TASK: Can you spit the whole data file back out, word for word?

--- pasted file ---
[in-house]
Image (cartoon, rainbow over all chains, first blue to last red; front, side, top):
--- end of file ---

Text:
[in-house]
Image (cartoon, rainbow over all chains, first blue to last red; front, side, top):